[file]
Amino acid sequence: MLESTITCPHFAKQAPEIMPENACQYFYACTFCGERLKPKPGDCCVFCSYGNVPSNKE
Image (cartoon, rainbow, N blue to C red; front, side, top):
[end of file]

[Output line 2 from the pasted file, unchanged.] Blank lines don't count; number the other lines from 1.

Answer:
Image (cartoon, rainbow, N blue to C red; front, side, top):